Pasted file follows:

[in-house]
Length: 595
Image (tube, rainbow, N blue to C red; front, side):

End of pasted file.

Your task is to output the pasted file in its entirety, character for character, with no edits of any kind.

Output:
[in-house]
Length: 595
Image (tube, rainbow, N blue to C red; front, side):